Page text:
After Steyn’s withdrawal Rabada shouldered a big workload with seam partner Vernon Philander who  – as an overweight medium pacer – continues to defy the odds and take lots of wickets. But it’s the young guys that will excite South Africans.

Rabada spearheaded a group of 5 under 30 who made definitive contributions in Perth; Maharaj, de Kock, Elgar and Bavuma. The future looks bright for Protea cricket.

Australia’s youth appears less convincing. Channel 9’s lunchtime cricket show ran a feature on Pat Cummins. The story focused on the injury-riddled pace bowler’s recovery from injury… again.

We all hope this young man sorts his body out. But the Cummins story has been running a long time.

He has played 8 First Class matches and 1 Test Match since 2011. Maybe its time to move on and focus on nurturing players from the youth teams?  Or feature stories from the Sheffield Shield?

In other cricketing news; India host England for 5 Test matches beginning on Wednesday in Rajkot.

It will be a fascinating series. England beat India 2-1 last time they toured but England’s recent 1-1 draw with Bangladesh and a reinvigorated India under Virat Kohli indicates that a thrilling series is about to begin.

Australia’s next Test against South Africa begins in Hobart on Saturday.

Test Match Thrillers and an A Team Killer: India and Pakistan miss the rain and a future Protea nails 200 in Townsville

Rain nearly saved Pakistan and it should have saved India, but it denied both sides a reprieve and ensured thrilling finales to two Test Matches over the weekend. England’s destruction of India at Old Trafford was stunning and the quality of cricket on display at the Galle Fort in Sri Lanka was just as fine. The standard was high in (Cape) Townsville too, where South Africa A hammered Australia A in a solid game of cricket at the Riverway Arts and Cultural Precinct.

South Africa might have found a replacement for Jaques Kallis. Actually, cancel that. Kallis is irreplaceable. But, they may have uncovered a future Protea. Rilee Rossouw nailed a superb 231, which killed Australia A’s hopes on a wicket that saw them bowled out twice in four days. Rossouw averages 45 from 72 First Class matches and must be on the edge of Test selection. Temba Bavuma asserted himself with a grafting 162 and Australia A – consisting of 5 internationally capped and 3 Test Match capped players in Phil Hughes, Moises Henriques and Mathew Wade – simply couldn’t match South Africa A. The visitors attracted plenty of vocal support too with many local club cricketers attending, enjoying a few beers and creating a bit of good natured atmosphere from the hill.

But, could the crowds be better? If the small crowds during match 1 are anything to go by, then it would seem that Cricket Australia, Townsville City Council and perhaps the local cricket administrators could do more on the promotions front. On Friday afternoon that little stadium should be heaving with blue and white collar workers and it wouldn’t take much imagination or creativity to spark interest and greater involvement from local businesses and large employers. On a positive note, Cricket Australia announced today the sport has one million participants in Australia, a great result that should be the basis for further expansion.

The two A teams go at it again in Townsville this week beginning on Thursday 14 August. Peter Forrest and Clint McKay have been added to the Australian side and Phil Hughes has taken the captaincy off Moises Henriques who is out injured.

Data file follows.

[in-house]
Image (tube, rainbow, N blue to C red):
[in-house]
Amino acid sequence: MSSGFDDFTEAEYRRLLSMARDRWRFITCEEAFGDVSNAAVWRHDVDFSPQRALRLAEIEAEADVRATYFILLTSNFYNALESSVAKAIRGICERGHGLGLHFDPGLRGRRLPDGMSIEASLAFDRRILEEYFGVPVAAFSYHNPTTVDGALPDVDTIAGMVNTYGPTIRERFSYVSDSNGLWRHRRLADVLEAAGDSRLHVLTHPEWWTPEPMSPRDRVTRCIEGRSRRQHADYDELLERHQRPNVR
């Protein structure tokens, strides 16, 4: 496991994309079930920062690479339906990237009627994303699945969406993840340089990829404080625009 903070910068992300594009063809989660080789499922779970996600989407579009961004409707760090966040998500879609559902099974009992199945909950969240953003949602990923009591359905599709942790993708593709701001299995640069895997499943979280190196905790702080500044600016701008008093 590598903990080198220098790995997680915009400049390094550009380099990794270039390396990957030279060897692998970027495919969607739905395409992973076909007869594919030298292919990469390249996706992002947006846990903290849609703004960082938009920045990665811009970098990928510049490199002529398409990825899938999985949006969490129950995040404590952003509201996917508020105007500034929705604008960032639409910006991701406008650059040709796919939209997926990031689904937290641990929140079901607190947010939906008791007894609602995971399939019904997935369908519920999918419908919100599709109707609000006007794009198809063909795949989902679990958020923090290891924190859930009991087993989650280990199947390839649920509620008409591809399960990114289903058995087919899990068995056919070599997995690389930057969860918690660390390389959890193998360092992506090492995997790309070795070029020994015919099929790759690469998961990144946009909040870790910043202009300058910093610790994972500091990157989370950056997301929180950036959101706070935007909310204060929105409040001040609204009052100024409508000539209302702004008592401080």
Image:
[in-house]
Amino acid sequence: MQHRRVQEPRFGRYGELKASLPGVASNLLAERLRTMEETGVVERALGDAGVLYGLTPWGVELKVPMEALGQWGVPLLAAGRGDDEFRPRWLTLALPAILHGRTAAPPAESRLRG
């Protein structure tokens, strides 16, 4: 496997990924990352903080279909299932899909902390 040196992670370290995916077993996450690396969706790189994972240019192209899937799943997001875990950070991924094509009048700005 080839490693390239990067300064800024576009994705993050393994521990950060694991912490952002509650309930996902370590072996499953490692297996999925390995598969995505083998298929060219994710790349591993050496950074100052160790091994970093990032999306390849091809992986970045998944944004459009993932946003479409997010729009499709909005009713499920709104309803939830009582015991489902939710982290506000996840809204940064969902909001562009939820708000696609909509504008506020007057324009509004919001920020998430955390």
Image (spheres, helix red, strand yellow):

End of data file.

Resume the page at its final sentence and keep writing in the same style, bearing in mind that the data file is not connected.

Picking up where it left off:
The scene in Townsville resembles Newlands in Cape Town as Gurinder Sandhu steams in and attempts to get a much needed wicket for Australia A against Sth Africa A.

On the Test scene India’s weak surrender to England on the third day in Manchester has created an alarming dilemma for MS Dhoni: where to find players who want to fight? India only needed to survive one afternoon. It absolutely pissed down with rain all of the next day. I mean, blokes were chipping catches to short fielders and trudging off as if preferring to escape to the hotel games room. Unbelievable. England’s bowlers were good, but not quite this is an unplayable Mitchell Johnson who’s going to kill you good.

Two weeks ago India led the series 1-0, perhaps mostly because England were poor and lacked tactical direction. Since then India have been reclassified as an invertebrate species and England have reacquainted with the spinal column and retaliated with more discipline and application. Leading 2-1 England can’t lose the series now, at worst they’ll draw it if India bounce back, but England should win 3-1 with a resounding victory at The Oval Test, which begins Friday. Will England miss Stuart Broad if he fails to play after breaking his nose? Probably not. Moeen Ali will simply take another 5 for and finish the job Jimmy Anderson is likely to start.

Stuart Broad’s broken nose

Perhaps the most startling result occurred in Sri Lanka. Wow. Is Test Cricket alive or what? Pakistan made 451 in the 1st innings with Younis Khan amassing 177. Bang that’s it. It’s going to be a draw. The Galle wicket will be a road. Sure enough Sri Lanka pump out 533 and you’re thinking, yep, draw. But, here comes Sri Lanka’s spin king Rangana Herath and there goes Pakistan for 180 on the final day. A lead of only 98. 126 balls remain in the Test Match, are they going to go for it? You betcha. They peel off the runs with 5 overs to spare. Seconds after the celebrations begin the rain falls on the Dutch fort and rolls across the ground. Pakistani players were last seen kicking the ground, while locals danced and sang in the rain. One of the great Test victories.

No I haven’t forgotten to mention Kumar Sangakarra… he smashed 221 in Sri Lanka’s 1st innings, his 37th Test Match tonne. He averages 58 from 125 Tests. In fairness Sri Lanka don’t play as many top line Test Matches as Australia, England or South Africa, but he would waltz into any of those nations’ teams and score just as many. A timeless legend.

At the Harare Sports Club Zimbabwe made a competitive 256 against South Africa who are 4/201 in reply. It is great to see Zimbabwe back in Test Match action and so far they are holding their own against a rebuilding, but still very good South African team.